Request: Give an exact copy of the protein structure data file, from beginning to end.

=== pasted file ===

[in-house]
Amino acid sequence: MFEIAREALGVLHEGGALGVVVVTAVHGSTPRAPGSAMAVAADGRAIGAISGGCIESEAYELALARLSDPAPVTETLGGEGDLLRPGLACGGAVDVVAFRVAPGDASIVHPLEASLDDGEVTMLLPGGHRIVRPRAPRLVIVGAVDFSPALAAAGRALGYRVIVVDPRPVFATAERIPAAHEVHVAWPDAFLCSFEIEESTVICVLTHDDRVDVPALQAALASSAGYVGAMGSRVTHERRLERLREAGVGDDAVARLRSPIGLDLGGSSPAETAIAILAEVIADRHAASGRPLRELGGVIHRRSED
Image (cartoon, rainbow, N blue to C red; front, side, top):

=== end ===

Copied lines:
[in-house]
Amino acid sequence: MFEIAREALGVLHEGGALGVVVVTAVHGSTPRAPGSAMAVAADGRAIGAISGGCIESEAYELALARLSDPAPVTETLGGEGDLLRPGLACGGAVDVVAFRVAPGDASIVHPLEASLDDGEVTMLLPGGHRIVRPRAPRLVIVGAVDFSPALAAAGRALGYRVIVVDPRPVFATAERIPAAHEVHVAWPDAFLCSFEIEESTVICVLTHDDRVDVPALQAALASSAGYVGAMGSRVTHERRLERLREAGVGDDAVARLRSPIGLDLGGSSPAETAIAILAEVIADRHAASGRPLRELGGVIHRRSED
Image (cartoon, rainbow, N blue to C red; front, side, top):